Wednesday, August 24, 2011
Folly Beach: A Lowcountry Tale by Dorothea Benton Frank
Amazon.com Book Description:
Experience the wild beauty and sultry magic of New York Times bestselling author Dorothea Benton Frank's Carolina Lowcountry - where the pull of family is as powerful as the ocean tides and love can strike faster than lightning in summer ...
Folly Beach ...
Home is the place that knows us best ...
A woman returns to the past to find her future in this enchanting new tale of loss, acceptance, family and love. With its sandy beaches and bohemian charms, surfers and suits alike consider Folly Beach to be one of South Carolina's most historic and romantic spots. It is also the land of Cate Cooper's childhood, the place where all the ghosts of her past roam freely. Cate never thought she'd wind up in this tiny cottage named Porgy House on this breathtakingly lovely strip of coast. But circumstances have changed, thanks to her newly dead husband whose financial and emotional bull and mendacity have left Cate homeless, broke, and unmoored.
Yet Folly Beach holds more than just memories. Once upon a time another woman found unexpected bliss and comfort within its welcoming arms. An artist, writer, and colleague of the revered George Gershwin, Dorothy Heyward enjoyed the greatest moments of her life at Folly Beach with her beloved husband, DuBose. And though the Heywards are long gone, their passion and spirit lingers in every mango sunset and gentle ocean breeze.
And for Cate, Folly Beach, too, holds the promise of unexpected fulfillment when she is forced to look at her life and the zany characters that are her family anew. To her surprise, she will discover that you can go home again. Folly Beach doesn't just hold the girl she once was ... it also holds the promise of the woman she's always wanted, and is finally ready to become.
My Book Review:
As a loyal fan of Dorothea Benton Frank's Lowcountry novels, I was excited when Folly Beach: A Lowcountry Tale was released in June and couldn't wait to read the book, and once again she didn't disappoint me. In Folly Beach, the author provides the reader with not one, but two storylines that intertwine, which is a departure from her usual writing style.
The storyline begins in NJ, where Cate Cooper's comfortable world has been turned completely upside down with the suicide of her husband due to his financial problems. Kept in the dark, the tragedy just gets worse when Cate discovers all of her husband's ugly dark secrets, and she finds herself financially destitute and homeless. With nothing but a used car and a few boxes of what is left of her worldly belongings, Cate heads back to her childhood home in Folly Beach, SC to regroup.
This is where the second storyline comes into play, Cate's aunt owns Porgy House, once the home of the famous Porgy and Bess playwrights Dorothy and DuBose Heyward. It is at Porgy House in the summer of 1934, where the Heywards and the famous composer George Gershwin create the songs for Porgy and Bess. When Cate moves into Porgy House, she meets college professor John Risley, who encourages her to research the history of the Heywards, and write a play based on their lives. During her research, Cate finds fascinating similarities between Dorothy and herself, which adds to the mystique of residing at Porgy House.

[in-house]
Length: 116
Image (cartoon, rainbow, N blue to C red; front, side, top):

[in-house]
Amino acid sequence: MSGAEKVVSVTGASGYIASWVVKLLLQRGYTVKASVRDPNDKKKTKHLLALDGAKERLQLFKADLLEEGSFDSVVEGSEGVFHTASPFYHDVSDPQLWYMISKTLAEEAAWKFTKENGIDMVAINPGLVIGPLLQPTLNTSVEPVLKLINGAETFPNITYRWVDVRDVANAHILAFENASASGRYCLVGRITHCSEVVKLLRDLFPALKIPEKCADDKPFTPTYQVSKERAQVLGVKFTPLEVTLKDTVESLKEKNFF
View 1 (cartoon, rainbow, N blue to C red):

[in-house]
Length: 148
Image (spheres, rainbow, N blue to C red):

What I loved most about Cate's story is that her coming home to Folly Beach was a blessing in disguise. She discovered what it meant to be surrounded by a loving family; she learned to stand up on her own two feet and rebuild her life; she took the chance to find love again; and most of all she finds out that dreams can still come true, no matter how old a person may be.
The author weaves and intertwines the two storylines in a unique way: she alternates chapters with Cate's story and the other is acts of a one-woman play based on Dorothy Heyward's life. While I did find the intertwining storylines to be intriguing, I must admit that I would have preferred to have just read Cate's story, and have the story of Dorothy Heyward added as part of Cate's research. I found the alternating chapters (storylines) to be a bit annoying, because just when I was really getting into Cate's story, I had to turn around and shift gears and get back into the acts of the play. That being said, I loved Cate's story and the wonderful interactions between her family members. I also did enjoy reading about the Heywards' lives and the creation of Porgy and Bess, but just not in the context in which it was written about in the book. Finally, as a fan of southern fiction, especially of Lowcountry tales, the little annoyances I had with this book were greatly overshadowed by the author's wonderful description of the beautiful Lowcountry areas of SC, reading about them always makes me yearn to visit or live there.
Dorothea Benton Frank fans, this book is worth the reading!
RATING: 4 STARS ****